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Trust launches review into 17,000 cervical screening test results

Trust launches review into 17,000 cervical screening test results

Around 17,000 patients will have their cervical cancer screening test results reviewed after concerns were raised about laboratory ‘performance’.

The major review will involve tests dating back to 2008, after senior laboratory staff notified Northern Ireland’s Southern Trust management team that they ‘had concerns about performance in some steps of their laboratory’s screening system’.

To investigate these concerns, the trust commissioned the Royal College of Pathologists to undertake an independent assessment of its cervical screening services from 1 January 2008 and October 2021.

The assessment report published yesterday (9 October) found that ‘a significant number of women’ are likely to have had negative screening results from the Southern Trust laboratory which would have been identified as potentially abnormal by other laboratories.

The trust said it will review the records of around 17,000 patients screened during the period in question ‘as a precautionary measure’ in order to ‘look again for abnormalities to double check that the correct information was provided’.

A spokesperson for the trust said: ‘In the majority of cases, we will be able to review the previous smear, which is stored in our laboratory, but in some cases, we will invite women to attend for a further smear test.

‘The trust is writing to all women whose records will be reviewed with further information. There is no need for women to contact their GP to make an appointment for a smear test unless they have recently received an invitation to attend for one as part of the routine screening programme.’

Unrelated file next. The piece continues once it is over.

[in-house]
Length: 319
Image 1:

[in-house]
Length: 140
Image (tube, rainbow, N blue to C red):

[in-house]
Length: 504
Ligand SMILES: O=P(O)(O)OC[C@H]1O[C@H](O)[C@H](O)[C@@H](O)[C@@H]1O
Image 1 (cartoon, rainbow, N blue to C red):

Dr Stephen Austin, medical director for the Southern Trust, said: ‘This report has identified performance issues in our laboratory and we have been working with colleagues in the Public Health Agency (PHA) on a series of actions to improve both service provision and oversight.

‘The Southern Trust is very conscious of the anxiety this report may cause to women. As medical director, I apologise on behalf of the trust for what has happened.

‘Today we are issuing personal letters to all of the women potentially affected. The vast majority of women screened by the Southern Trust over this period will be unaffected and therefore if you do not receive a letter from us, your records have not been identified as needing review.’

Dr Joanne McClean, director of public health at the PHA, urged women who are invited for cervical screening to attend their appointment as normal.

She said: ‘Cervical screening has proven to be very effective at detecting early abnormalities which, when treated, can prevent cancer and save lives. It will continue to do so if those who are eligible attend for screening when invited.

‘A cancer could also develop between screening tests, or there is a small chance that the test misses some changes to your cervix.

‘No matter what age you are, if you are concerned about symptoms such as abnormal bleeding, or pain or discomfort in the lower pelvis, you should seek advice from your GP, even if you attend regularly for screening.’

In England, the proportion of women who have never had cervical screening, or are not up to date with their tests, is the highest in 10 years, the NHS warned at the beginning of this year.

NHS England also warned that privately bought at-home testing kits for HPV should not be used to make decisions about cervical screening.


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